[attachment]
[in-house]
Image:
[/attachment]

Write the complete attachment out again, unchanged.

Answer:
[in-house]
Image: